Nick Clegg this week became the first political leader to call for ‘progressive austerity’, picking up a key theme in Demos’ work. It got a mixed response. Peter Riddell in the Times said it was the most memorable thing he said in his closing keynote. But Simon Carr in The Independent was sceptical about its voter appeal: “that'll get them out to the polls in Sheffield. "Vote Lib Dem, vote for progressive austerity!". Ben Brogan in the Telegraph said it positioned him on the left, which was the wrong place to be.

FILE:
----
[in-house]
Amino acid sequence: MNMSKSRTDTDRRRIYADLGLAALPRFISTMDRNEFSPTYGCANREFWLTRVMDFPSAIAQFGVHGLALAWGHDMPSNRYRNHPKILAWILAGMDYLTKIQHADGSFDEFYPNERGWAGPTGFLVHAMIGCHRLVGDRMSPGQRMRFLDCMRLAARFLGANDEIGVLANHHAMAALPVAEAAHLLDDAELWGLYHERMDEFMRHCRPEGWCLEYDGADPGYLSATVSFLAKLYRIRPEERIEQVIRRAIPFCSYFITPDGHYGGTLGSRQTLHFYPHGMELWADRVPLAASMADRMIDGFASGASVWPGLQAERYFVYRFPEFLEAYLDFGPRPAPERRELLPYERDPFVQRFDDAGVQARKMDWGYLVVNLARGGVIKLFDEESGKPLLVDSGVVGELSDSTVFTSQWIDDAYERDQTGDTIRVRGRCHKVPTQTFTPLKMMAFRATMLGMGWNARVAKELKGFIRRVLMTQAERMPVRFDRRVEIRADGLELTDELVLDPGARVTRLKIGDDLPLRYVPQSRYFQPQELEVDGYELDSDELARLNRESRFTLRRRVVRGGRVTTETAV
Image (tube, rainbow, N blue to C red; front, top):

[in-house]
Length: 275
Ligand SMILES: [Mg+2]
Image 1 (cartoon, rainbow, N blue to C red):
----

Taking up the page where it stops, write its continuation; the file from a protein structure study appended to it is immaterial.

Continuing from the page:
Clegg’s got the right instincts on this. All the parties now agree in public that there will have to be cuts in spending, and in private that taxes will have to rise (actually the Lib Dems are honest about this too). I’ve written a bit about this in Public Finance. There is a now a consensus that austerity is coming. The prefix ‘progressive’ is often used in vain – but here it has some bite. It means that where cuts are made, or taxes raised, the poor should be protected. It mean that areas of government spending that make for a fairer society should be protected: good examples are the budget for compulsory education; properly targeted Sure Start; investments in green technology; New Deal programmes for the unemployed; and out-of-work benefits. But spending that flows directly into the hands of the well-off should be critically examined: child benefit and child tax credits for the affluent; subsidised higher education; some parts of spending on the arts and culture; winter fuel allowances for all pensioners. None of this is likely to be popular. But everyone knows the Treasury is in a big red hole. Everyone knows cuts are coming. The political question of the hour is indeed who can deliver progressive austerity. Whose cuts will be the kindest?